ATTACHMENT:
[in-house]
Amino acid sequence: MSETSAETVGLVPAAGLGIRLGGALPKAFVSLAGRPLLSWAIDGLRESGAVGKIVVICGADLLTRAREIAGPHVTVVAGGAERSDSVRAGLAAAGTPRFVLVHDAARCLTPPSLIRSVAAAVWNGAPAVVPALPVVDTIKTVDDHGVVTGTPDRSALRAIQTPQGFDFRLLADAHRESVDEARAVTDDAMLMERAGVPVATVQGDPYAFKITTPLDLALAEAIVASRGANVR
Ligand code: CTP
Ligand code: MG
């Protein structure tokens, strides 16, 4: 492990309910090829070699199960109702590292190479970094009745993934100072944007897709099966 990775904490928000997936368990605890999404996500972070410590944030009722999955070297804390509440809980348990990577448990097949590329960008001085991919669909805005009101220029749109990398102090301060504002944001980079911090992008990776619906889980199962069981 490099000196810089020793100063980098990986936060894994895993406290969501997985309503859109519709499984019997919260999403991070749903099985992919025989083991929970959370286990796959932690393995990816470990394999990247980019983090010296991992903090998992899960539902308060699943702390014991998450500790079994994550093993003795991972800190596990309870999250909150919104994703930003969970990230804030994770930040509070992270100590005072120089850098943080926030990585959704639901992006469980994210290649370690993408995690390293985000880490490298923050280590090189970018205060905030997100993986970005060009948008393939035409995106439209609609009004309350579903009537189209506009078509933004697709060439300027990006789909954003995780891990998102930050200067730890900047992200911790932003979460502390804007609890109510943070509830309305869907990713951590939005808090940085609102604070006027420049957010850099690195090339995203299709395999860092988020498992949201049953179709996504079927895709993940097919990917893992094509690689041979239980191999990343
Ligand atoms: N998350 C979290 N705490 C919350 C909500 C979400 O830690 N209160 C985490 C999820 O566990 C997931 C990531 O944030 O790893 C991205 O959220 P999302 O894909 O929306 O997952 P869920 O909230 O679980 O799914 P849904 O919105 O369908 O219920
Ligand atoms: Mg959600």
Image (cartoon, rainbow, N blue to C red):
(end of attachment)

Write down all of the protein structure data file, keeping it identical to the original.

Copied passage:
[in-house]
Amino acid sequence: MSETSAETVGLVPAAGLGIRLGGALPKAFVSLAGRPLLSWAIDGLRESGAVGKIVVICGADLLTRAREIAGPHVTVVAGGAERSDSVRAGLAAAGTPRFVLVHDAARCLTPPSLIRSVAAAVWNGAPAVVPALPVVDTIKTVDDHGVVTGTPDRSALRAIQTPQGFDFRLLADAHRESVDEARAVTDDAMLMERAGVPVATVQGDPYAFKITTPLDLALAEAIVASRGANVR
Ligand code: CTP
Ligand code: MG
């Protein structure tokens, strides 16, 4: 492990309910090829070699199960109702590292190479970094009745993934100072944007897709099966 990775904490928000997936368990605890999404996500972070410590944030009722999955070297804390509440809980348990990577448990097949590329960008001085991919669909805005009101220029749109990398102090301060504002944001980079911090992008990776619906889980199962069981 490099000196810089020793100063980098990986936060894994895993406290969501997985309503859109519709499984019997919260999403991070749903099985992919025989083991929970959370286990796959932690393995990816470990394999990247980019983090010296991992903090998992899960539902308060699943702390014991998450500790079994994550093993003795991972800190596990309870999250909150919104994703930003969970990230804030994770930040509070992270100590005072120089850098943080926030990585959704639901992006469980994210290649370690993408995690390293985000880490490298923050280590090189970018205060905030997100993986970005060009948008393939035409995106439209609609009004309350579903009537189209506009078509933004697709060439300027990006789909954003995780891990998102930050200067730890900047992200911790932003979460502390804007609890109510943070509830309305869907990713951590939005808090940085609102604070006027420049957010850099690195090339995203299709395999860092988020498992949201049953179709996504079927895709993940097919990917893992094509690689041979239980191999990343
Ligand atoms: N998350 C979290 N705490 C919350 C909500 C979400 O830690 N209160 C985490 C999820 O566990 C997931 C990531 O944030 O790893 C991205 O959220 P999302 O894909 O929306 O997952 P869920 O909230 O679980 O799914 P849904 O919105 O369908 O219920
Ligand atoms: Mg959600």
Image (cartoon, rainbow, N blue to C red):